But LeU are only one of the problems facing the Democrats and their leader Mattro Renzi, whose promise to resign if he could not push through the referendum — insisting on the need to remove barriers to his planned economic reforms — transformed a debate over specific constitutional arrangements into a more general expression of discontent at his government. Renzi’s defeat and resignation not only gravely weakened his own claims to a unique personal popularity, but also cast fresh doubt over the Blairite mantra that the Italian left’s path to victory came from trying to hold the political center. Grasso has recently stressed the need to “bring home” those who have shifted from the Left to the M5S.

The Sicilian regional election in November suggested that even the neoliberal-centrist forces previously allied to the PD are turning away from the party, as it has become less central to the overall electoral arithmetic. Popular Alternative leader Angelino Alfano, until 2013 a key lieutenant of Berlusconi’s, has over the last four years remained a solid ally of the PD in government. Indeed, he is currently foreign minister. Yet he has announced his intention to resign at the election, and already in the Sicilian contest splinters from his party, together with the Civic Choice vehicle once led by technocratic ex-prime minister Mario Monti, sided with Berlusconi’s Forza Italia and the victorious right-wing candidate Nello Musumeci.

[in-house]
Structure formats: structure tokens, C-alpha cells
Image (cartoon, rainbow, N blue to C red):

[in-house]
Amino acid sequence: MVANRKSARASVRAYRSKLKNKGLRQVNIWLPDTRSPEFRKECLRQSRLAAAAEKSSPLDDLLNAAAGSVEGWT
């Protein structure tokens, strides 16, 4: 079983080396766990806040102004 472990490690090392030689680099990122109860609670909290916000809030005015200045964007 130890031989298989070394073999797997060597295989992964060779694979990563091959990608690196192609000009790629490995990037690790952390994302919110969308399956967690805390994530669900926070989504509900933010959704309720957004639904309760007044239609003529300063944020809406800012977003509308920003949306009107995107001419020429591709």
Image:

These small forces’ switch in the Sicilian regional vote was a further expression of the PD’s general crisis, its candidate scoring just 18 percent as against 30 percent five years previously. Amidst the fragmented political landscape, it is still quite possible that a weakened PD will emerge as the largest single party in the March 4 national election, and its lists will also be bolstered by the integration of small liberal formations otherwise unable to pass the threshold for parliamentary representation. Yet even this is likely to bring the PD-led centrosinistra to barely 30 percent of the vote, far from able to form a majority.

The PD faces challenges common to all social-democratic parties that attempt to cling on to the center ground. If it is to win over centrist voters to a new coalition, it must plausibly be able to maintain at least passive support of its historic working-class and left-wing base. This is difficult in times of austerity, especially when the electoral system facilitates the rise of new rivals. In such circumstances, the party risks following the same path as France’s Parti Socialiste and the Dutch Labour Party, outcompeted by liberals precisely because their own base has become so hollowed out.

The Movement

Faced with the rise of a rival to the left of his party, Renzi has resorted to accusing all who split the PD vote of undermining the values of antifascism and opening the way to a new far right, a threat which his rhetoric has magnified in order to add luster to his own cause. Given the Democrats’ poor recent electoral history, it is uncertain that such calls for a pragmatic vote will have a galvanizing effect, and the emotional power of this kind of appeal to left-wing voters is in any case weakened by the reactionary “Italians first” policy emanating from the current PD Interior Minister Marco Minniti.